July 13, 2015
Retirement More Satisfying for Boomers in the Midwest, Says New Study
More Boomers in Midwest Work for Non-Financial Reasons, Report Higher Satisfaction than in Pre-Retirement Work

CHICAGO, July 13, 2015 /PRNewswire/ -- Fifty-nine percent of Baby Boomers in the Midwest plan to work beyond age 65, and the majority of them are happy about it, according to a new study commissioned by Bankers Life Center for a Secure Retirement ® (CSR).

The study – New Expectations, New Rewards: Work in Retirement for Middle-Income Boomers – surveyed 1,005 middle-income Boomers (261 from Midwest) and 2,293 retired Boomers (581 from Midwest) aged 51 to 69 with an annual household income between $25,000 and $100,000

Retirees work because of desire, not need
Of the Midwest Boomers currently employed, almost two-thirds (65%) are working because they want to, not because they must. That's four percentage points higher than their counterparts across the country.

Those who are working voluntarily do so to stay mentally alert (16%), remain physically active (16%) or to have a sense of purpose (15%).

Job satisfaction is higher in the Midwest
While more than half (53%) of the nation's Boomers make "much less" per hour in retirement, 78 percent are more satisfied with their jobs than non-retirees. In the Midwest, that number jumps to 88 percent, with 69 percent "more" or "slightly more satisfied" and 19 percent "as satisfied" as they were in their pre-retirement work.

"Boomers in the Midwest are re-entering the job market willingly," said Scott Goldberg, president of Bankers Life. "With nearly nine in 10 'as satisfied' or 'more satisfied' with their careers during retirement, Boomers in the Midwest are poised to reap the financial and health benefits of working during their golden years."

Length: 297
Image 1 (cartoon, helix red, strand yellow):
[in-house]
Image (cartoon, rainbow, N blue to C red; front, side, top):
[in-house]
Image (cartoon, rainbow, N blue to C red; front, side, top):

Midwest retirees more likely to work in part-time
For Boomers, work in retirement means greater flexibility. Nearly nine in 10 (88%) employed Boomer retirees across America have work arrangements other than full time.

Approximately two-thirds (67%) of Boomers in the Midwest describe their job as part time, compared to 59 percent of Boomers across the nation. Outside the Midwest, retirees are more likely to work freelance or own their own business.

Methodology
The New Expectations, New Rewards: Work in Retirement for Middle-Income Boomers is part of a series of studies commissioned by the Bankers Life Center for a Secure Retirement. It was conducted in February and March 2015 by the independent research firm The Blackstone Group. 

The findings are from two internet-based surveys:

  1. Main survey: a nationwide sample of 1,005 middle-income Boomers (261 from the Midwest). Quotas were established based on the U.S. Census Current Population Survey data for age, gender and income to obtain a nationally representative sample. The margin of error is +/- 3.1 percentage points at the 95% confidence level.
  2. Supplemental survey: a nationwide sample of 2,293 retired middle-income Boomers (581 from the Midwest) to assess the percentage of retired Boomers who are working in retirement. The margin of error is +/- 1.6 percentage points at the 95% confidence level.

All respondents were aged 51 to 69 and have an annual household income between $25,000 and $100,000.

About the Center for a Secure Retirement
The Center for a Secure Retirement is the Bankers Life's research and consumer education program. The Center's studies and consumer awareness campaigns provide insight and practical advice to help everyday Americans achieve financial security in retirement.

About Bankers Life
Bankers Life focuses on the insurance needs of middle-income Americans who are near or in retirement. The Bankers Life brand is a part of CNO Financial Group, Inc. (NYSE: CNO), whose companies provide insurance solutions that help protect the health and retirement needs of working Americans and retirees. There are more than 5,000 Bankers Life insurance agents at over 300 offices across the country. To learn more, visit BankersLife.com.

SOURCE Bankers Life Center for a Secure Retirement


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